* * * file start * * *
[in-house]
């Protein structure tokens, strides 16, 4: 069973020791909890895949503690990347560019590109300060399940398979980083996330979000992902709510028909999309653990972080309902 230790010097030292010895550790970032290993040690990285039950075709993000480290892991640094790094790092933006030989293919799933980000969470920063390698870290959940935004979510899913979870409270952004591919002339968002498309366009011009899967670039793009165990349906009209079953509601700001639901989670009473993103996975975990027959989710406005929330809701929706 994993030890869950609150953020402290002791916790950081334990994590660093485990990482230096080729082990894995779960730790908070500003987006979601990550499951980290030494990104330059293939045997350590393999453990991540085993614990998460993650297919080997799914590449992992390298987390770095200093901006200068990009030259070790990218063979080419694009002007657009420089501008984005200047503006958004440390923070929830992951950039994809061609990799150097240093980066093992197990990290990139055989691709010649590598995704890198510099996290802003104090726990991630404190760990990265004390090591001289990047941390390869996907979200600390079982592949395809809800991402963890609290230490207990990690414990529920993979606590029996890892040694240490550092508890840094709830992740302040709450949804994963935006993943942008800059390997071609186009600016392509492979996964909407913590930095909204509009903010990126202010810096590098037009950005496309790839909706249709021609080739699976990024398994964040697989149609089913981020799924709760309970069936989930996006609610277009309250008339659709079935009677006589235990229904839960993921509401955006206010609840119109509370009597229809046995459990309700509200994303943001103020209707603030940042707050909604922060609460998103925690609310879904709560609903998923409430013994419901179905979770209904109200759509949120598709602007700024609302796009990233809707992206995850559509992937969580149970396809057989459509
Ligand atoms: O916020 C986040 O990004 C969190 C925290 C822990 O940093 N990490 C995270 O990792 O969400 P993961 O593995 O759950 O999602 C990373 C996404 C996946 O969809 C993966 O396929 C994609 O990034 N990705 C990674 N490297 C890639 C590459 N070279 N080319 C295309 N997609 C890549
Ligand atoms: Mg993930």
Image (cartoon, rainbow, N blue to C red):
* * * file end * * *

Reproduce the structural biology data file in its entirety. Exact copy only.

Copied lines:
[in-house]
């Protein structure tokens, strides 16, 4: 069973020791909890895949503690990347560019590109300060399940398979980083996330979000992902709510028909999309653990972080309902 230790010097030292010895550790970032290993040690990285039950075709993000480290892991640094790094790092933006030989293919799933980000969470920063390698870290959940935004979510899913979870409270952004591919002339968002498309366009011009899967670039793009165990349906009209079953509601700001639901989670009473993103996975975990027959989710406005929330809701929706 994993030890869950609150953020402290002791916790950081334990994590660093485990990482230096080729082990894995779960730790908070500003987006979601990550499951980290030494990104330059293939045997350590393999453990991540085993614990998460993650297919080997799914590449992992390298987390770095200093901006200068990009030259070790990218063979080419694009002007657009420089501008984005200047503006958004440390923070929830992951950039994809061609990799150097240093980066093992197990990290990139055989691709010649590598995704890198510099996290802003104090726990991630404190760990990265004390090591001289990047941390390869996907979200600390079982592949395809809800991402963890609290230490207990990690414990529920993979606590029996890892040694240490550092508890840094709830992740302040709450949804994963935006993943942008800059390997071609186009600016392509492979996964909407913590930095909204509009903010990126202010810096590098037009950005496309790839909706249709021609080739699976990024398994964040697989149609089913981020799924709760309970069936989930996006609610277009309250008339659709079935009677006589235990229904839960993921509401955006206010609840119109509370009597229809046995459990309700509200994303943001103020209707603030940042707050909604922060609460998103925690609310879904709560609903998923409430013994419901179905979770209904109200759509949120598709602007700024609302796009990233809707992206995850559509992937969580149970396809057989459509
Ligand atoms: O916020 C986040 O990004 C969190 C925290 C822990 O940093 N990490 C995270 O990792 O969400 P993961 O593995 O759950 O999602 C990373 C996404 C996946 O969809 C993966 O396929 C994609 O990034 N990705 C990674 N490297 C890639 C590459 N070279 N080319 C295309 N997609 C890549
Ligand atoms: Mg993930």
Image (cartoon, rainbow, N blue to C red):